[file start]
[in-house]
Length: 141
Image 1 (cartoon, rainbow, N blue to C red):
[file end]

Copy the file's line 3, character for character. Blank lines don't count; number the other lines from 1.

Image 1 (cartoon, rainbow, N blue to C red):